Isolated people on the run again in Paraguay

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ASUNCION, Paraguay – After losing almost 15,000 acres of their land to an illegal ranching business in the last six months, an isolated/uncontacted tribe in Paraguay is getting some official assistance from their government and from indigenous activists; but the struggle to protect the Ayoreo-Totobiegosode is far from over.

On Nov. 13 Paraguay’s National Environmental Council (CONAM) revoked the license of the Yaguarete Pora Company to work in the Chaco forest of western Paraguay in an effort to halt the displacement of the Ayoreo-Totobiegosode people. According to Survival International, a world-wide organization dedicated to advocacy for tribal peoples, Paraguayan officials tried to inspect the region a few days after the license withdrawal but were barred from entering it by personnel from the Brazilian company (who want the land for large scale cattle ranching). SI and other activists had publicized aerial photos of the area being bulldozed.

The Paraguayan officials were able to return in the last week of November but what transpired between the government representatives and Yaguarete Pora Company workers has not been publicized. (The other companies operating in the region, River Plate SA and BBC SA, had not been mentioned in press reports as of late November.)

In the meantime, SI and Paraguayan indigenous leaders have been publicizing the situation and gaining some international help in the process.

“We believe this is currently the most serious threat to tribal peoples anywhere in the world,” according to the SI statement presented to James Anaya, the UN’s Special Rapporteur on Indigenous Issues.

Photo courtesy Ruedi Suter/Survival international © Isolated members of the Ayoreo-Totobiegosode tribe lost some of their land to an illegal ranching business that wanted to build a large scale cattle ranch.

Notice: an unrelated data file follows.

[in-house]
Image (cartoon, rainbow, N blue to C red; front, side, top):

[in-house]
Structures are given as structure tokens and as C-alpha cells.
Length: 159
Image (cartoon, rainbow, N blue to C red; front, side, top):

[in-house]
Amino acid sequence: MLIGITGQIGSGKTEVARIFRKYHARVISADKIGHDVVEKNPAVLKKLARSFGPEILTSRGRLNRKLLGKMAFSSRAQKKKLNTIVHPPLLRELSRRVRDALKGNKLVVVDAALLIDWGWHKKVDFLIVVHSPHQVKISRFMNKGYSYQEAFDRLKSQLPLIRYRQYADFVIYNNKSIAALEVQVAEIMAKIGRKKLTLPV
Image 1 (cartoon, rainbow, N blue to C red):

“Unless the Paraguayan government takes urgent measures to stop the deforestation extremely quickly,” the statement continues, “the Ayoreo-Totobiegosode will have little chance of surviving. … Based on past experience, there is an imminent risk of a violent clash between the company workers and the Totobiegosode that could have fatal consequences.”

Along with the risk of violence, the SI statement pointed out that the Ayoreo Totobiegosode were also extremely vulnerable to contact with outsiders due to their lack of immunity to western diseases. While there have not been any reports of epidemics or outbreaks in those communities yet, leaders from the area and from larger Paraguayan indigenous groups are taking their message to the media and to a conference on isolated peoples.

Among the first people from the Ayoreo Totobiegosode to speak out in mid-November was Esoi Chiquenoi who had originally been contacted in 2004 and, along with three other relatives, came to the capital city of Asuncion to address government authorities.